THE OPENING: a NIH-funded opening is available for a research staff member to join our pulmonary physiology research group.
THE PROBLEM: In the acute respiratory distress syndrome (ARDS), edema reduces pulmonary gas exchange. Mechanical ventilation assists gas exchange but causes ventilation induced lung injury (VILI) and impedes recovery.
OUR APPROACH AND FINDINGS: A unique method of determining surface tension in edematous alveoli of isolated rat lungs led us to (i) find that VILI is attributable to heterogeneous lung mechanics, and proportional to surface tension, and (ii) discover that a fluorescent dye has the ability to lower surface tension, improve oxygenation and reduce VILI.
THE POSITION: The position will comprise performing experiments and analyzing data, with the option to lead studies for publication; helping to maintain the laboratory; and helping to train new personnel in the laboratory.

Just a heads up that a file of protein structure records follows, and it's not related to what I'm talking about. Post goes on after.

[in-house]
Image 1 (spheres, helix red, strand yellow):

QUALIFICATIONS: Applicants must have experience with small animal surgery, preferably including arterial cannulation. A background in pulmonary, cardiovascular, renal or neuro physiology is desirable.
THE PI: Carrie E. Perlman, Ph.D., trained in mechanical engineering at MIT and biomedical engineering at Northwestern University. She was a postdoctoral fellow in pulmonary physiology at Columbia University. She is an Associate Professor in Biomedical Engineering at Stevens, where she directs the BME Ph.D. program, and serves as a standing member of a NIH study section.
LAB WEBSITE: http://personal.stevens.edu/~cperlman/lungmechanics.html
THE ENVIRONMENT: Stevens, in the small city of Hoboken, NJ, provides a multidisciplinary research training environment. The beautiful campus is located on the Hudson River, directly opposite and 10 minutes by train or ferry from Manhattan.
CONTACT INFORMATION: Interested candidates should email Dr. Perlman at firstname.lastname@example.org, and attach a CV.